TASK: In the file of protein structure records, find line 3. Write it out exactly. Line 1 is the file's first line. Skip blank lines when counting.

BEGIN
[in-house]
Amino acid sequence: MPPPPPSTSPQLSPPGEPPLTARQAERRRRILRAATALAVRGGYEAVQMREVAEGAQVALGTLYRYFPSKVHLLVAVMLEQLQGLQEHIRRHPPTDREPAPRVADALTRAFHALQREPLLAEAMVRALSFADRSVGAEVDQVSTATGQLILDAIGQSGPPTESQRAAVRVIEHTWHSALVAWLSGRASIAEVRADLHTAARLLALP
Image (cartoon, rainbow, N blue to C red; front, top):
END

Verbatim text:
Image (cartoon, rainbow, N blue to C red; front, top):